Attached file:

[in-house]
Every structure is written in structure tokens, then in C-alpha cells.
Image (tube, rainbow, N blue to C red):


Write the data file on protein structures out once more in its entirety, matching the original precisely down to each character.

[in-house]
Every structure is written in structure tokens, then in C-alpha cells.
Image (tube, rainbow, N blue to C red):